Brain Pickings

Posts Tagged ‘Charles Bukowski’

04 OCTOBER, 2013

Charles Bukowski on the Ideal Conditions and Myths of Creativity, Illustrated

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“Air and light and time and space have nothing to do with it and don’t create anything except maybe a longer life to find new excuses for.”

Charles Bukowski — man of outrageous daily routine, curious creature of proud cynicism and self-conscious sensitivity, occasional pessimist with a heartening view of the meaning of life — had a singular way of conveying immutable wisdom in his seemingly simple, often crude, but invariably expressive verses. His 1992 poem “air and light and time and space,” found in the altogether fantastic anthology The Last Night of the Earth Poems, is a poignant and soulful reminder that “inspiration is for amateurs” and grit is the real key to creativity — or, as Tchaikovsky famously put it, “a self-respecting artist must not fold his hands on the pretext that he is not in the mood.”

AIR AND LIGHT AND TIME AND SPACE

”– you know, I’ve either had a family, a job,
something has always been in the
way
but now
I’ve sold my house, I’ve found this
place, a large studio, you should see the space and
the light.
for the first time in my life I’m going to have
a place and the time to
create.”

no baby, if you’re going to create
you’re going to create whether you work
16 hours a day in a coal mine
or
you’re going to create in a small room with 3 children
while you’re on
welfare,
you’re going to create with part of your mind and your body blown
away,
you’re going to create blind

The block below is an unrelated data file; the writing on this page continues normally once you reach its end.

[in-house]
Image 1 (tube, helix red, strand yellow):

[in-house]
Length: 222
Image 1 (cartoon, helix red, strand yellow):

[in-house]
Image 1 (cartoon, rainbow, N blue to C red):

crippled
demented,
you’re going to create with a cat crawling up your
back while
the whole city trembles in earthquake, bombardment,
flood and fire.

baby, air and light and time and space
have nothing to do with it
and don’t create anything
except maybe a longer life to find
new excuses
for.

Now, the fine folks of Zen Pencils — who have previously illustrated such cultural treasures as Bill Watterson’s timeless commencement address on creative integrity have adapted Buk’s beautiful poem into one of their signature comics:

Complement with Buk illustrated by the great R. Crumb.

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04 SEPTEMBER, 2013

Charles Bukowski on Writing and His Crazy Daily Routine

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“Writing is like going to bed with a beautiful woman and afterwards she gets up, goes to her purse and gives me a handful of money.”

The latest addition to this ongoing omnibus of famous writers’ advice on the craft comes from none other than Charles Bukowski — curious creature of proud cynicism and self-conscious sensitivity, of profound pessimism and heartening insight on the meaning of life.